Dragana Sotirovski

The Seemo stories: South East European journalists who have experienced threats or assaults in their everyday work. The case of Dragana Sotirovski

26/01/2015 -  SEEMO

(Originally published by www.seemo.org)

Dragana Sotirovski is a correspondent for the Serbian public broadcaster RTS, as well as editor-in-chief of the RTS branch offices centre in Niš. She has worked as a journalist for Radio Novosti, the RTS 3 channel and the RTS Informative programme in Belgrade. Sotirovski is the author of many investigative articles, documentary films and travel shows made both locally and abroad. She has received multiple journalistic awards and accolades.

Ms Sotirovski, how much did the threats you received for carrying out your journalistic profession affect your life?

The only thing that has changed is that I’ve become more persistent about the researches I’m doing. In November last year, after a cover story about the Niš Special hospital on the public broadcaster RTS, the director of the hospital called me and offended me repeatedly. She told me I would “remember her”. She was displeased by the facts and by parts of the statement she gave me.

What you did after this call?

When the hospital director called me, I contacted the police and filed a complaint for the threats I received. The police forwarded the case to the Prosecutor’s office in Niš. For unknown reasons, the case went missing, but later appeared at the Public Court in Aleksinac. The prosecutor rejected my case as being unfounded, which I filed a complaint against, and the initial decision was confirmed by the Higher Public Court in Niš.

After that, I had no right for another complaint. I continued my research while the management of the hospital continued with threats and pressures. I was then contacted by many hospital employees who had previously helped me with my research. They asked me to stop my investigation and not to publish any more information. They justified this sudden change with personal interests. Some were promised jobs for their children, others were afraid for their own employment and for the potential consequences. I continued publishing the irregularities I found, and they continued their denials, calling for my expulsion from the correspondent’s office, so that I would be prevented from coming to Sokobanja, where the hospital is, to continue my research. The director and three out of the existing seven syndicates called for the discontinuation of my investigation.

Do you have any advice for journalists who might experience verbal threats or physical attacks? What should they do in such a situation?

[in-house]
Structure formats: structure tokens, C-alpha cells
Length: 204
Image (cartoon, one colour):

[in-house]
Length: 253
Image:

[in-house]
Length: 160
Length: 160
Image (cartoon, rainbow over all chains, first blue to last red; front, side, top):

They should immediately contact the police and the journalistic associations, raising their case to a certain level so that the authorities can finally help all of us in the journalistic profession, protect us, allow us to work professionally and without pressures.

What advice would you give to your colleagues about how to protect themselves from verbal threats and other forms of attack?

Real protection is virtually non-existent, but it is relevant that they do their job professionally, have data to back up everything they’ve stated, prove to their editorial staff that they are doing the right thing, to fight against self-censorship and persist in their research. It is also important for journalists to display solidarity among themselves, so that they can promote the idea to authorities, state institutions and the general public, that when an issue arises in the society, it has to be dealt with.

I believe that media workers and the authorities have the same mission. If you have a Prime Minister who stands out against crime and corruption, and you have media workers who investigate crime or corruption and publish it at the risk of their own lives and the lives of their families, then state institutions should look into these matters and resolve them quickly. In the case of the Niš Special hospital, for example, my research was published and sent to the anti-corruption agency. The hospital employees sent denials of all the information to the same agency, but in spite of this the agency issued a recommendation that the director should be removed from her position. So in my case, after I reported, the public reacted, the anti-corruption agency reacted as a state institution, but the Ministry of Health stayed quiet.

Is it harder to be a local journalist than to work in the capital? What additional safety concerns affect local journalists?

It is harder on the local level, but you must stay a professional. Sometimes the risk you invest pays off. Serious media companies respect persistent, brave journalists. Journalists that receive some type of bribe do exist. They are on the payrolls of certain individuals and institutions, so it’s impossible for them to report about any subject without being biased. Some journalists, on the other side, often don’t write about problems that exist in their society simply because they do not want to see the problems. Journalists who work in the capital are usually divided by the topics they cover, and there are many examples of journalists making a transition from their profession into PR jobs, working for the government, the institutions or the establishment. Local journalists, on the other side, have to cover many different topics and don’t have a specific area of reporting, therefore they have to follow many interests. They have to research, put the puzzle together and finally get results.

 

This publication has been produced with the assistance of the European Union. The contents of this publication are the sole responsibility of Osservatorio Balcani e Caucaso and its partners and can in no way be taken to reflect the views of the European Union. The project's page: Safety Net for European Journalists.A Transnational Support Network for Media Freedom in Italy and South-east Europe


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